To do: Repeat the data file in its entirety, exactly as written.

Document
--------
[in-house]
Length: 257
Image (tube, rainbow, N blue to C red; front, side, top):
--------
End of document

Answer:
[in-house]
Length: 257
Image (tube, rainbow, N blue to C red; front, side, top):